Is Marriage A Dinosaur.......
an outmoded institution on its way to extinction? Or are we at the dawn of a marriage
renaissance? Most of us don’t have enough information to join the debate.
Take this quiz and see where you stand.

1) True or False: Researchers can now predict which engaged couples will succeed or fail with better than 90% accuracy.

2) They base these predictions on: (pick one)
a) Level of couple agreement on three major issues: money, housework & vacations.
b) How the couple handles disagreements.
c) Similarity of backgrounds.
d) Level of love and commitment.
e) Sexual compatibility.

3) The optimism about reversing the divorce rate is based on research that found:
a) Irreconcilable differences are not the cause of divorce.
b) A successful marriage is based on divorce-proofing behaviors that anyone can learn.
c) It doesn’t take a licensed, degreed mental health professional to teach marriage skills courses.
d) All of the above.

4) True or False: A national survey reports that a long-term first marriage has become the new status symbol.

5) An Australian report estimates that divorce costs that country an estimated $6 billion a year. What does divorce cost America? (Hint: Australia pop: 20 million. America: 300 million.)
a) More than 30 times that of Australia because of the compounded effects of our much higher divorce rate of 50% for 30 years.
b) No one knows. No government, university, foundation - no U.S. organization - has tracked these costs.

6) True or False. Men are better off married. Women are better off single.



1) True.

2). b All couples - those that stay happily married, and those that divorce - disagree the same amount and about the same basic issues. And, there are five issues, not three - sex, money, kids, in-laws, and time (leisure time/housework.) What distinguishes the couples that succeed from those that fail is not the content or number of their disagreements but how they handle them. They all start out in love and committed..

3) All of the above. a ) Research finds that all successful couples have approximately ten irreconcilable differences. Like Maitlin and Carville, couples that make it have the skills to dance in spite of their differences. They don’t operate on the expectation that true love means they should agree on things. Grounds for divorce should be changed based on this radical new information. Instead of granting a divorce for irreconcilable differences, we would grant on the irremedial inability to get skillful. Then only after a couple took several marriage education courses and failed. This might cut down on the remarriage rate! “Oh you are divorced, I guess you aren’t skillful.” b) Research finds that we are ALL capable of learning the basic marital skills - people of all races, classes, and genders. Even children-of-divorce. If we weren’t lucky enough to learn them at our parents’ knees, we can learn them now. c) A million dollar National Institute of Mental Health funded study found that trained lay leaders and clergy can teach the courses as well as or better than psychologists and counselors. Lay leader training takes only three days. Marriage isn’t a disease. It doesn’t require diagnosis and therapy. It requires the equivalent of “driver’s education” for marriage in classes which are highly cost-effective and can be made widely accessible. These aren’t group therapy or encounter sessions.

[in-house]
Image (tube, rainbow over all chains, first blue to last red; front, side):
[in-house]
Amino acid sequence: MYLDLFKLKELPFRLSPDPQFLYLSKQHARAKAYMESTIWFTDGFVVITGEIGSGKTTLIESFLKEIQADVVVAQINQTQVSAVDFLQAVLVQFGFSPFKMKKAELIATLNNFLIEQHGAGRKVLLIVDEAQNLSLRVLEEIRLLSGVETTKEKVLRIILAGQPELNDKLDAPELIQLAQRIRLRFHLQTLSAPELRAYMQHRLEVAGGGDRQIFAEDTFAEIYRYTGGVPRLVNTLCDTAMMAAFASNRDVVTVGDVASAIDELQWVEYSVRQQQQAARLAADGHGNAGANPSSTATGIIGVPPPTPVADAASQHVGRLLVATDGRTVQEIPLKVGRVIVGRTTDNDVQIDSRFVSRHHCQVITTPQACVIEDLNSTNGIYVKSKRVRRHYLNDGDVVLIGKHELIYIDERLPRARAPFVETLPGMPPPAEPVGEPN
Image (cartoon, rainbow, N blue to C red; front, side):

4) True. The Wall Street Journal reports that long-lasting first marriages are the new status symbol. So says a survey prepared for Fortune 500 companies interested in market strategies for the new millennium.

5) b. At the Smart Marriages conference Steve Nock will report on their early attempts to define the parameters of such a study and provide answers to legislators and journalists who are frustrated at their inability to find anyone who can give even an estimate of the cost to taxpayers or effects on our GNP.

6) False. We have operated with this mythology since the 70s. It was based on one flawed study. Both married men and women do better on measures of health, longevity, happiness, sexual satisfaction, and wealth than their single counterparts. It’s also true for children. For years we have been told that marriage did not make a difference. Children in intact families do better on all measures - wealth, health, school success, delinquency, teen pregnancy, substance abuse, even their own future marriages - than their counterparts in never-married, single parent, or step families. Children even do better in intact marriages with conflict.

®Copyright CMFCE

For press registration contact:
Diane Sollee
The Coalition for Marriage, Family and Couples Education, L.L.C.
5310 Belt Rd, NW, Washington, DC 20015
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